The food processing business in Goa is still in its nascent stage. The small size of agricultural land holdings in the State does not help matters. Joseph D’Souza, chairman, Food Processing Committee, GCCI, spoke to AJIT JOHN about the challenges on hand for the industry in the State
What is the state of the food processing business in Goa?
Food processing as an activity is picking up. I must admit at a slower pace than in neighbouring territories but it is surely picking up at an assured pace. The market for processed food is growing and the consciousness for natural food is also growing. That gives an advantage to people in the food processing business in the State. Food and vegetable processing is growing, along with sea food, cashew nuts which is big volume, mango, kokum are picking up.
Which part of Goa is the business located or is it all over?
The drawback is that in Goa it is fragmented, we do not have anything close to a cluster formation. The activities are tiny when compared to the other states. If you take one district in Maharashtra for eg Konkan district, the amount of mango that is grown there for example will be many times over what is grown in the whole of Goa. A district’s output outside Goa is usually larger than the yield of Goa. Same holds good for fishing, the entire coast of 104 to 105 kms, quantum of fish that is harvested is far less than what Malpe or Ratnagiri fishing port would handle. We have seven jetties and all of them put together do not do as much as them.
: What are the challenges you face on the ground?
Labour. For every agriculture related activity in Goa, we depend on labour from outside Goa. Till today there are some trawlers which have not sailed because their crew have not returned from their holidays. They were supposed to return in August. Same happens will all agricultural activities. We do not have sufficient labour. Kerala is also dependent on labour but the intensity of the labour is so high they can retain the labour. Our activities are seasonal, so the labour required for the mango season, the cashew season all clash at the same time. The rest of the year we have no harvesting at all.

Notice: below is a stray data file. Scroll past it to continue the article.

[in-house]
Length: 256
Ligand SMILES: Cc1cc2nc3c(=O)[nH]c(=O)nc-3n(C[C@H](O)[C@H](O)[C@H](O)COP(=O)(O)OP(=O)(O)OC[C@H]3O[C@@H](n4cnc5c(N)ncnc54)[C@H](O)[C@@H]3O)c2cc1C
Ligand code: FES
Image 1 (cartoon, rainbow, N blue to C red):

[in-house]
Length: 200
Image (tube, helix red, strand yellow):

In terms of government policy what would you like to see happen?
At this juncture I do not want to comment on government policy, a matter of concern is fish farmers who want to bring in fish fingerlings have been asking their director as well as the director of the FDA to clarify to the border check post that what they are bringing to the border is not fish which would come under the ban. It is more than a week neither of these two directors are able to issue any sort of clarification circular to the RTO and the check post.
The delay maybe because they are busy, maybe they don’t perceive it to be a priority or because it does not affect them but the farmer. Maybe they just don’t have the time to look at farmers issues because they are overwhelmed with the issues of their offices. If this is the kind of attitude then I wonder what kind of processing industry can develop here. Everything is interlinked. If there is no vibrant farming there cannot be any processing. Farming in abundance makes processing viable. Processing is generally from the surplus. For this to happen the farmer has to be encouraged. Farmers in Goa are facing a tough time.
Why does Goa not have any food processing parks?
: There has to be a minimum land mass of 50 hectares for such zones which has been now reduced. It is like having an industrial estate only for food processing. If it is not large enough then it will be a white elephant and good it has not happened. We do not have that kind of mass in terms of raw materials.
Where do you see this industry if it ever takes off in the next five to ten years?
Not too far from where it is now because as far as Goa is concerned realty gets priority over any other industry with regards to land usage. There is little hope for food processing.